As a result of this ongoing massive threat situation, various updates/changes to legal and regulatory requirements have been or are being implemented. These are forcing more and more companies to consider the structured management of a cyber attack and to implement appropriate management systems.

The following should be emphasised here:
  • "Directive on measures for a high common level of cybersecurity across the Union" (NIS2 Directive)

  • Act on the implementation of EU NIS2 and strengthening cybersecurity (NIS2UmsuCG) - currently in draft form

  • IT Security Act 2.0

  • Digital Operational Resilience Act (DORA)

Our CRP consulting services

We work with you to develop customised solutions tailored to your requirements in this complex (IT) environment. We support you in setting up cyber response planning and cyber incident response management (CIRM). With our many years of experience, we support you in the introduction, further development or evaluation of your existing CRP or CIRM. Of course, we also consider the corresponding interfaces to other management disciplines such as business continuity management (BCM), IT service continuity management (ITSCM) and crisis management (CM).

Our CRP coaching

When implementing projects, our IT experts always focus on building up in-house expertise. Our aim is for you to learn the necessary knowledge about the management process from us during the implementation of the project and to be able to put what you have learnt directly into practice afterwards. New processes are not always met with an undivided positive response. In our many years of experience, the best way to overcome internal scepticism is to create the necessary awareness among employees. In line with the quote from Antoine de Saint-Exupéry "If you want to build a ship, don't drum up men to procure wood, assign tasks and organise the work, but teach them to yearn for the vast, endless sea" - feel free to contact us if you need support in preparing and implementing awareness measures.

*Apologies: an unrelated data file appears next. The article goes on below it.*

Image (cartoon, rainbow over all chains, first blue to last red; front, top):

What are the three most important arguments in favour of CRP?

Cyber Response Planning creates organisational and personnel structures for a fast and effective response to cyber attacks. This includes identifying the incident, containing the threat, restoring affected systems and minimising the impact on business operations.
  • Rapid containment and minimising the impact can be critical to the survival of the business

  • Fulfilment of the requirements for "cyber insurance"

  • Compliance with legal and/or regulatory requirements

Why is CRP so important?

CRP is so important because it can make the difference between an effective response to a cyber attack and serious consequences for an organisation. It enables rapid detection of attacks and appropriate countermeasures to limit the damage.

Companies that plan to take precautions often focus purely on the response to a cyberattack. This is problematic, as this is only one part of a comprehensive cybersecurity approach and lacks, for example, prevention and detection.